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August 31, 2015 / 16 Elul, 5775
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Portraits Of Remembrance: Paintings By Diana Kurz

Brothers (1999) 86 x 50, oil on linen and paper by Diana Kurz
Courtesy the artist

Brothers (1999) 86 x 50, oil on linen and paper by Diana Kurz Courtesy the artist

Reaching back in time to reclaim a family for herself and, in a yahrzeit moment, to rekindle lives snuffed out, Diana Kurz’s paintings stand as testaments to victims of the Holocaust. After a successful 20 year career as an artist and teacher, (with a strong feminist bent), in 1989 Kurz happened upon a few surviving photos of her own relatives “who disappeared during the war.” Suddenly her past opened up and possessed her. This spring (April 4 – May 2, 2012) a series of these paintings was shown at the Art Gallery at Kingsborough Community College, CUNY.

Brothers (1999) seems to depict a world of normalcy itself. The two men, one with a cane and bearded, possibly older, and the other clean-shaven with a lighter colored hat, stare out at us innocently. Simply a snapshot from two lives. The work is notable for its simple composition; each figure echoing the other while the subtle differences reveal the kinds of simultaneous contrasts and similarities that dominate familial relations. Then we read the caption at the top: “The brothers Pietnicer left Krishenka, Poland trying to escape the Nazis. They were last heard from in 1939 when the older brother, Zelig, sent a postcard to the US from an unknown location with the words: “Gott wird uns helfen! God will help us.” Along the bottom of the image is what appears to be a filmstrip depicting barbed wire double enclosures characteristic of work and death camps. Kurz summons two lives back from the grave to memorialize them and remind us of the simple details of tragedy. She commands us to just remember, and now, after her painting, we cannot forget them.

Diana Kurz’s history curiously buried her relationship of the Shoah until a chance encounter uncovered an entire life she never knew. She was born in Vienna and escaped as a young child with her family in 1938, finally arriving in New York in 1940. As was fairly typical for many refugees, the past was kept silent and every effort was made to acculturate as “normal” Americans. When she was ten, two cousins who had survived the concentration camps arrived and lived with her family, sharing Diana’s bedroom. Naturally teenage stories were exchanged that would lurk in her memory forever. And yet she grew up, when to Brandeis for a BA and an MFA from Columbia, and began a successful career as a figurative artist and teacher. Only decades later, in 1989 when she was visiting an aging aunt, did she happen to see old photos of her family in pre-war Vienna. Suddenly she had to confront the suffering and loss of family members who did not survive. As a mature artist she was able to summon the aesthetic tools to approach a history that was both deeply personal and yet relevant to the Jewish people and all humanity.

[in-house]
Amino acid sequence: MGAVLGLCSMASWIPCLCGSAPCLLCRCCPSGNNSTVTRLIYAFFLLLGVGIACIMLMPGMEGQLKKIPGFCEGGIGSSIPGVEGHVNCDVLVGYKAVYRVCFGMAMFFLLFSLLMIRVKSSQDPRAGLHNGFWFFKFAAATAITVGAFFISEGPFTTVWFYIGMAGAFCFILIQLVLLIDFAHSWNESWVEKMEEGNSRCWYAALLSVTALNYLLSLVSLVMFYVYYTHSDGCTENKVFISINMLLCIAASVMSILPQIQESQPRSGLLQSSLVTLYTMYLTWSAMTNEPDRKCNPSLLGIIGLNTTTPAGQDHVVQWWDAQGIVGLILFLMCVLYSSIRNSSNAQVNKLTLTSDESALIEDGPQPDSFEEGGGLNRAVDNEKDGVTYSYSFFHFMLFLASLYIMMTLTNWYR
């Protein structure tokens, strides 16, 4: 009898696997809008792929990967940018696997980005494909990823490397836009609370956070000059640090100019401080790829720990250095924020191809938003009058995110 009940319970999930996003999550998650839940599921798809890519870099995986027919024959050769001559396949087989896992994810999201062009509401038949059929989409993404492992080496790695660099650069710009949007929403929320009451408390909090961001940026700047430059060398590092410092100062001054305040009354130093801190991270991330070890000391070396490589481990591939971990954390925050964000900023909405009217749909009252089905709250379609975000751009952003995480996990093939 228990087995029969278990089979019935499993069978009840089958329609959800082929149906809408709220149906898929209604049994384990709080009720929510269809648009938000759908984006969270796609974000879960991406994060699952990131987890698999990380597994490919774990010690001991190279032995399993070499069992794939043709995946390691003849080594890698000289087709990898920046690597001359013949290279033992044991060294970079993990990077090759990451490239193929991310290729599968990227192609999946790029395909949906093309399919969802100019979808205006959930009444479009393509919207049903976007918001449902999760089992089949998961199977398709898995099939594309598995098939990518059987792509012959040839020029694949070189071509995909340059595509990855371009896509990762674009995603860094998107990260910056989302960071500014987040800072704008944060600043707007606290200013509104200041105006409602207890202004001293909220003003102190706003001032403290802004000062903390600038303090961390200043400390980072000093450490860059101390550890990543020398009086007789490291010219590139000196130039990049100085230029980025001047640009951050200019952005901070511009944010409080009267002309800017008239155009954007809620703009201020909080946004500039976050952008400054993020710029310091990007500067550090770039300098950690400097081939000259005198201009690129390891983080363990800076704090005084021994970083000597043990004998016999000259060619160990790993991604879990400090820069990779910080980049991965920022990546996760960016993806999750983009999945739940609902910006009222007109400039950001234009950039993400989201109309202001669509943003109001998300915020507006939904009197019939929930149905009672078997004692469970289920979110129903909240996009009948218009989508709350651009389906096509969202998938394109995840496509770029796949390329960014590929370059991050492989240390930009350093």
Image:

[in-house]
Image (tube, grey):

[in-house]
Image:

Zora and Michael Kurz (1990) 75 x 60 x 7, oil on paper on linen by Diana Kurz
Courtesy the artist

Kurz brings something unique to her Holocaust paintings. All of the paintings have a personal edge since the impetus for these works stems from photographic portraits of her family members, i.e. the emotions are rooted in her own past, regardless of whether she remembers the individuals or not. In each image at least one subject is looking directly into the eyes of the viewer, confronting us as virtual family members and imploring us to remember them as individuals we deeply care about. It is as if in the act of visually engaging these paintings we are saying kaddish for each person depicted.

Drawing upon the European medieval tradition of depicting important religious subjects with altarpieces that had multiple side panels and predellas (small independent images along the bottom of the main image), Kurz utilized this form in the early testament to her uncle Michael and cousin Zora. He is shown holding his infant daughter in what were clearly happier days. The image is sun-filled; ominously contrasting with the fiery turmoil that surrounds them in the side panels. The predella presents a seemingly normative past; an army portrait, a wedding picture, a postcard, a studio portrait and an innocent childhood drawing (actually by children in Theresienstadt) while the enormous artwork (75” X 60”) is capped with two memorial candles and the harrowing dedication against a bright blue sky; “Zora and Michael Kunz disappeared –vanished – from Belgrade in the 1940’s and were never heard from again – also Klarcha Kurz & Dorrit Kurz – all without a trace.” It is a painting of stark contrasts, evoking memories of lives erased and now brought back for us to mourn.

About the Author: Richard McBee is a painter and writer on Jewish Art. Contact him at rmcbee@nyc.rr.com


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